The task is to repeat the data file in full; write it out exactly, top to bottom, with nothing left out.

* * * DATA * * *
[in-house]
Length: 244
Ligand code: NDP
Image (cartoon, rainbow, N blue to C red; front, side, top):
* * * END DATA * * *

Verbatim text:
[in-house]
Length: 244
Ligand code: NDP
Image (cartoon, rainbow, N blue to C red; front, side, top):